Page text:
A human subject voluntarily blinds himself with opaque goggles, and relies on a small mounted camera on those goggles for his "vision." The camera feed transforms its intake of the basic color spectrum into specific aural tones. If users can match and memorize the sounds with the visual cues, relying only on what they hear, they can (more or less) navigate their environments without the benefit of sight.
This technology is designed primarily for the use of people without sight. We got interested in it for the philosophical, cognitive, and aesthetic questions it raises: Can we substitute one sense for another? Is perception more complex and adaptable than we assume?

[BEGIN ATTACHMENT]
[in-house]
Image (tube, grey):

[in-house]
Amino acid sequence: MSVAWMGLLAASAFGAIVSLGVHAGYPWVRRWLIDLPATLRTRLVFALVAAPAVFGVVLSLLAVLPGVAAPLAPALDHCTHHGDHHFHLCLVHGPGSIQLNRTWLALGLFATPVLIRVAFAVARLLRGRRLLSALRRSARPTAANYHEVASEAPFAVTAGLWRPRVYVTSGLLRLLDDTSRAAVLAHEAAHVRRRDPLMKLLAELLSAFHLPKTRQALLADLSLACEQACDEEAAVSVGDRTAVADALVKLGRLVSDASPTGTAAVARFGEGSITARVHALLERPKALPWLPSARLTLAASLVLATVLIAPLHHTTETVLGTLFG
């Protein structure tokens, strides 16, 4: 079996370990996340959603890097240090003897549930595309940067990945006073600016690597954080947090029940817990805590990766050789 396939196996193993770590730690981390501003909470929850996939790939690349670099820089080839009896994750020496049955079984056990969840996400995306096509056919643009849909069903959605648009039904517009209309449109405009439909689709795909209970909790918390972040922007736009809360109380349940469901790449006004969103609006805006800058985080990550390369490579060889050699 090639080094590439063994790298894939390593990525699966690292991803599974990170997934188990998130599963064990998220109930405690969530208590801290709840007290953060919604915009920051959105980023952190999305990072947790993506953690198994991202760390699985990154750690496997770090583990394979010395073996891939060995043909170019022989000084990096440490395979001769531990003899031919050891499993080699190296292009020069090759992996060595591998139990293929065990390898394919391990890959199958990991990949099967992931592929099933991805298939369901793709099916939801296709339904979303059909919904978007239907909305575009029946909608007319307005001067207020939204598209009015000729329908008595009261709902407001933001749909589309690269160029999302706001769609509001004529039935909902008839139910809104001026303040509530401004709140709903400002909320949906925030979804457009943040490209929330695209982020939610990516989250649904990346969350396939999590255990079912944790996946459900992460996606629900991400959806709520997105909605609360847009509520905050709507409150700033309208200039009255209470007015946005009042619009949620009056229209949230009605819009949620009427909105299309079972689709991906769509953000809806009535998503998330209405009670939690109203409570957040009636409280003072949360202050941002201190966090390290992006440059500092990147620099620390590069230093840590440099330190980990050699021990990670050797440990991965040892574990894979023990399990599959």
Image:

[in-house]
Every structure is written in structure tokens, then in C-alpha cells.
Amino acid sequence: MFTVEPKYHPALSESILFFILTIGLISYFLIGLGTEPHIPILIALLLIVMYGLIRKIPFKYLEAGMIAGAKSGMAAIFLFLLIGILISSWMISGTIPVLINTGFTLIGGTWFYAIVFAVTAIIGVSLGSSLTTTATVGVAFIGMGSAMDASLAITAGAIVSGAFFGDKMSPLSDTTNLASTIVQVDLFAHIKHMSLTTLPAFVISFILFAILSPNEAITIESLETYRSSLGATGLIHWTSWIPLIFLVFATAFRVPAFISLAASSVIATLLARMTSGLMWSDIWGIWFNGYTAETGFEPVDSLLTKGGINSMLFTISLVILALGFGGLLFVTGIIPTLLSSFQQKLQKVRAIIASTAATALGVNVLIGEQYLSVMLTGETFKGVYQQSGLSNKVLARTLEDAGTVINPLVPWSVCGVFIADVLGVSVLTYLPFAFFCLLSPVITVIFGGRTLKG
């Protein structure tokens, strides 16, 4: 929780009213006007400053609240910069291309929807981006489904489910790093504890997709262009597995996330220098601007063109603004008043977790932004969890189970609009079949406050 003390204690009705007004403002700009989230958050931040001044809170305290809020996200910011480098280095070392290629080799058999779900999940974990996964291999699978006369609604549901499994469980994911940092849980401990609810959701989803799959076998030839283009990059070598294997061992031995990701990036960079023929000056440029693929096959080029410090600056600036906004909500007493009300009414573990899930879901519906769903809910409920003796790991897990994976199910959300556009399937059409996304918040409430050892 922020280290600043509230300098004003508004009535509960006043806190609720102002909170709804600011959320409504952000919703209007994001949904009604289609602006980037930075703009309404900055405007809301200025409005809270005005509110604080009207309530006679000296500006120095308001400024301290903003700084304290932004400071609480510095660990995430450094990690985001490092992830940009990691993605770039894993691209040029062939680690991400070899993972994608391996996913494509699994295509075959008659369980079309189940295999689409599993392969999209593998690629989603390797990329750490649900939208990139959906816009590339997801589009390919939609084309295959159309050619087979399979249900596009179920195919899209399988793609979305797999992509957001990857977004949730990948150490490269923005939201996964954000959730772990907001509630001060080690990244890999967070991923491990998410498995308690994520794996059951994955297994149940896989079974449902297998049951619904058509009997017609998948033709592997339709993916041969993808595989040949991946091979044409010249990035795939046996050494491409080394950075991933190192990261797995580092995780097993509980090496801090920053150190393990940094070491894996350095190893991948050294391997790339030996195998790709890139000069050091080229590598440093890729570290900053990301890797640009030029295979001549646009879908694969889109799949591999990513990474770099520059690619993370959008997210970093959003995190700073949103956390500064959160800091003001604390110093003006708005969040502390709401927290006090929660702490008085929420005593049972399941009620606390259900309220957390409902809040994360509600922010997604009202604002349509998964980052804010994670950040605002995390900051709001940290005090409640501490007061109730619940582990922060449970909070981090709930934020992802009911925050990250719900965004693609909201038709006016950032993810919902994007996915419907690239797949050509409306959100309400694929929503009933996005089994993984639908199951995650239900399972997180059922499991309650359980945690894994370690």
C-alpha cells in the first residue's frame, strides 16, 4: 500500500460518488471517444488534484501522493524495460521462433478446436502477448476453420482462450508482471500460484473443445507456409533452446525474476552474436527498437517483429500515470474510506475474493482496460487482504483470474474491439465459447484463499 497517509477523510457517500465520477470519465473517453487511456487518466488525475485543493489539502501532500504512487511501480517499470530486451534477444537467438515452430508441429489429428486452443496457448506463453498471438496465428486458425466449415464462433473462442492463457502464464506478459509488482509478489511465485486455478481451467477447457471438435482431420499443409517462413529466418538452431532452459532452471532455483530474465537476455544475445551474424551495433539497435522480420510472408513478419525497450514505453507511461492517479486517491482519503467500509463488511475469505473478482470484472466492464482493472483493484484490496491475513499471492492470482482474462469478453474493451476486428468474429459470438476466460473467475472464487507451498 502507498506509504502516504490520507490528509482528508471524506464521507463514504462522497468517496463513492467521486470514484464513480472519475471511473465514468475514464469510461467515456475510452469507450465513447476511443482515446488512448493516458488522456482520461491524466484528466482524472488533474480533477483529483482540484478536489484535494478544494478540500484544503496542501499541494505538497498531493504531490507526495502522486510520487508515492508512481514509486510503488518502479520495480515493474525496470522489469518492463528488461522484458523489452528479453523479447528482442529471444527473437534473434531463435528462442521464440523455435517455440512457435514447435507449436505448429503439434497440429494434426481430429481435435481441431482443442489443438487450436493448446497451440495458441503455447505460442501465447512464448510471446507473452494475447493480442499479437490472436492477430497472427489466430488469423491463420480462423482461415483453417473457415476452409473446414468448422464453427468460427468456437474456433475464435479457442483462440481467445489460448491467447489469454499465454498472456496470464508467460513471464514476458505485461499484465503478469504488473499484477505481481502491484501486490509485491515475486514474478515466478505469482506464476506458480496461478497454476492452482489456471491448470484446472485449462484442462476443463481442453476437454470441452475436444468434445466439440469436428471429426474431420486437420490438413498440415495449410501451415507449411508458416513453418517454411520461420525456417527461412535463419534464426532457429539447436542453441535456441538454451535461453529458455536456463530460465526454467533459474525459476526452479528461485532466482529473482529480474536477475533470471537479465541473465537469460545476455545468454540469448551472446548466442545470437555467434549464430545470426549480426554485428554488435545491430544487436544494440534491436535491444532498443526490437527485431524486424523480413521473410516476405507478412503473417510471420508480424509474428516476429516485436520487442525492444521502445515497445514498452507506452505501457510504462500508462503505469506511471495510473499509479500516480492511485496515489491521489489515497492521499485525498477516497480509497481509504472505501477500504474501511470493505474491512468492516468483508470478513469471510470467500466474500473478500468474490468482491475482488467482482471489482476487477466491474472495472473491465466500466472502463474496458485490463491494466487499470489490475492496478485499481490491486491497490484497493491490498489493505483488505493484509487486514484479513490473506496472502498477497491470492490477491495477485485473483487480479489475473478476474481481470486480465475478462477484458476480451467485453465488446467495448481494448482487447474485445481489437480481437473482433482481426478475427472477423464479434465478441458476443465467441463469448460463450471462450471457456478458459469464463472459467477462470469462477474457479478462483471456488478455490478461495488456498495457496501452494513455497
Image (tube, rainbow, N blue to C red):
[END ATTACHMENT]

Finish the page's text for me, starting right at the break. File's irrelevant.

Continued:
Most provocatively, as we wandered in the streets of Harvard Square, Cambridge for the shooting, we wondered: how is this wearer perceived—as a person with a disability (with all its cultural stereotypes of dependence), or a high-tech superhuman?
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